The military's payment plan is based on a four year college schedule:
they'll pay you equal portions of your money over 36 months (the
equivalent of four academic years of nine months each). This schedule is
not flexible! If you, like the 41% of 1972 veterans who attend college,
attend a two year school you can not receive larger payments over a
shorter period of time. That means a two-year college graduate will
receive only half of the money they have earned!
You might argue, I earned that money so I should be able to use it in the
way that's best for me. But your argument will fall on deaf ears. The
Montgomery GI Bill was meant to look good. The military can advertise
large amounts of education money but the program is designed so the money
is hard to get and harder to use. The inflexibility of the payment system
shows that the military is not interested in helping you get further
education, they want to recruit you.
WHAT BENEFITS DO YOU REALLY GET?
Even if you qualify for and receive the full $25,200, it isn't worth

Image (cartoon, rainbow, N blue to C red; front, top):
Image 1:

as much as you might think. While World War II GI Bill participants were
able to attend 90% of all schools (public and private) with the tuition
grant they were given, $25,200 will cover just ONE year at many private
schools today. Even state universities can cost $8,000 per year. Those
benefits probably won't increase while you're in the military (benefits
haven't been raised permanently since the program was begun in 1985). But
the cost of education will continue to rise at a rate of 5-10%. By the
time you finish your tour, your education benefit will be worth a quarter
less than when you signed up. If you don't go to school right after the
military, which many people don't, your benefit will become worth less and
You need to ask yourself in a serious and realistic way, do you intend to
go to college? If yes, you need to have a plan. That plan may include
joining the military, but you can see that will work for only a few
people, If your plans for going to college seem to be more dream than
reality you need to take a long look at what is really possible. If
you're hoping that the military can make an unplanned dream come true,
it's not going to happen. You still need to contribute a lot of your own
money even if you do get money from the military.
PLANNING FOR THE FUTURE
It takes more than money to get through college. It takes discipline,